Hold Steady Speed. Hold a steady speed of 88km/hr (55mph) for five minutes. During this time, in addition to the diagnostics performed in step 4, the catalyst monitor diagnostics will be performed. If the catalyst is marginal or the battery has been disconnected, it may take 5 complete driving cycles to determine the state of the catalyst.

Decelerate. This will perform the same diagnostics as in step 5. Again, don't press the clutch or brakes or shift gears.

»www.obdii.com/drivecycle.html
--
»www.ryanoneill.us



AtlGuy

join:2000-10-17
Marietta, GA

Sweet! Thanks man. I tried searching Google but didn't use the right search criteria apparently. Drive cycle never even entered my mind.

I appreciate that greatly.



Amr8
Pointing out the obvious
Premium
join:2001-12-03
Wichita, KS
reply to AtlGuy

piggybacking on what someone said earlier, when your on the interstate floor the engine a few times and get the RPMs up to break out all that carbon and soot out of the cylinders that might have built up. Do that 3 or 4 times just lay the accelerator down and let it get up and just let go and do that a few more times.
--
Mastering others is strength. Mastering yourself makes you fearless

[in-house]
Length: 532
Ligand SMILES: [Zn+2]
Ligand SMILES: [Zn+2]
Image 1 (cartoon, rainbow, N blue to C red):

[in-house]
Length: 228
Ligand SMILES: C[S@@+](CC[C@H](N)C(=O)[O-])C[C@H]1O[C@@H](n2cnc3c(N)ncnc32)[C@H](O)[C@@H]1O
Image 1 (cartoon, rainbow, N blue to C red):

TheHarvester
Premium
join:2006-08-25
Dana Point, CA
kudos:3
reply to AtlGuy

You don't need to do the drive cycle completely. Where in the hell can you find a location to do it here is So. Cal. If you just take a 40-50 mile round trip on the interstate (as you people over there call it). You should not need ALL the monitors to set but more than likely most of them. We have real good luck telling our customers to drive to a specific location and back. The location is about 20-25 miles from the shop via the freeway (as we people call it over here) and enough of the monitors have set to pass the inspection.



IllIlIlllIll
EliteData
Premium
join:2003-07-06
Hampton Bays, NY
kudos:7

1 edit
reply to AtlGuy

some good advice (as i was told)
to change your engine oil the day before you get it inspected. (if it hasnt been changed)